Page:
In case you’ve been reading Apple-related news during the past month, you’ve probably noticed that numerous online and print publications wrote about a so-called Error 53. This new error message has been making iPhones around the world completely unusable, which caused quite a stir on the web.
JustGoodBites brings you a report on what Error 53 actually means, what causes it, as well as if you can protect yourself.
The result of this error is a bricked iPhone, with an expensive repair needed to make it functional again. This is why many are concerned if they can be affected as well.
What exactly is Error 53?
Simply said, Error 53 occurs when a customer who has had their Touch ID fingerprint sensor replaced by a third party, updates to iOS 9 and beyond. Your Touch ID sensor is located inside the Home button, which means the same can happen if you completely replace the Home button.
Interestingly enough, we read numerous reports from users who haven’t replaced their Touch ID sensors, but instead have slightly damaged the button or dislodged it. In some cases, this issue happens after getting the touch-screen replaced, which is a very common repair carried out by third-parties. Just think of how many people drop their iPhones by accident, which results in a broken screen which needs to be repaired.
Error 53 shows up after repairing the Home button and upgrading the phone through iTunes. The worst of all is that this error completely blocks your phone, making it unusable. This way, the phone gets “bricked”, so you can’t access iOS or any of your data.
According to iOS users who are discussing this issue at Apple Support Communities, it seems that the iPhone 6 and iPhone 6 Plus are affected, as well as iPad with Touch ID. On the other hand, the iPhone 5s seems to be free of this problem. It also seems the iPhone 6s and iPhone 6s Plus aren’t affected as much, even though you’re also at risk if you own one of these two iPhone models.
What causes Error 53?
The reason behind Error 53 is security, and it seems that Apple was well-aware of this issue right from the start.
As you know, Touch ID is a fingerprint sensor designed to keep your iPhone secure as well as block unauthorized access. It also works with mobile payments. When your iOS device detects that an unauthorized Touch ID has been installed, it deems the device unsafe and “kills it”.
This is the official statement made by Apple, regarding Error 53:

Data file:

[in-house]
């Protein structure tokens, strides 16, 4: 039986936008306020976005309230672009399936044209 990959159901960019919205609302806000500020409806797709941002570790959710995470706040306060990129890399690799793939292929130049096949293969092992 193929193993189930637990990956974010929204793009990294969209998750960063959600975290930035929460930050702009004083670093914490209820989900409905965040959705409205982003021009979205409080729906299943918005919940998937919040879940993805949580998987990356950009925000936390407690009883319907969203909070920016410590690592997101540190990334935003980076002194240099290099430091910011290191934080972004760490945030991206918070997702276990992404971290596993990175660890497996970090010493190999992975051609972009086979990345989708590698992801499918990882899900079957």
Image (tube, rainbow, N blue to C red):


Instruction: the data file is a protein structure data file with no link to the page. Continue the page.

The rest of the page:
“We take customer security very seriously and error 53 is the result of checks designed to protect our customers. iOS checks that the Touch ID sensor in your iPhone or iPad correctly matches your device’s other components.”… “If iOS finds a mismatch, the check fails and Touch ID, including for Apple Pay use, is disabled. This security measure is necessary to protect your device and prevent a fraudulent Touch ID sensor from being used.”
In other words, your fingerprint data is being saved locally, so it’s can’t be found on Apple’s servers. This data is actually stored within the chip on your iPhone and gets accessed only by Touch ID. Even though this seems like a reliable security measure, what is the problem is the completely unusable phone that is hard and sometimes even impossible to repair.
Is there a way to avoid Error 53?
According to what iOS users wrote on the Apple’s support forum, you are unlikely to encounter this error unless you had your Touch ID fingerprint sensor replaced. Even then, it could happen only if your update your phone or restore it. There isn’t anything else you should do in order to avoid getting this error.
What to do if you encounter this error?
As Apple said, if you encounter Error 53, you are encouraged to contact Apple Support. In most cases, your iPhone can be repaired. The problem with this is in the fact that you’ll have to pay for the repair, which could cost up to $300.
As you’ll surely agree, this could be a big problem for affected iPhone users who are forced to pay to have their phones repaired by Apple.
Even though this company says that Error 53 is in place for the safety and security of its customers, it is actually illegal under the Criminal Damage Act 1971, which makes it an offense to intentionally destroy the property of another.
Law-firm PCVA has said: “We believe that Apple may be intentionally forcing users to use their repair services, which cost much more than most third party repair shops… there is an incentive for Apple to keep end users from finding alternative methods to fix their products.”
On February 12, PCVA has followed through its class action lawsuit against Apple for Error 53. The goal of this lawsuit is to get all affected iPhone customers a fully functional iPhone at no additional cost.
Our final advice would be to contact the law firm if you’ve been affected by Error 53, which can be done by following this link.
It is safe to say that Apple will respond to this uproar, so we will update the article in case of any new information.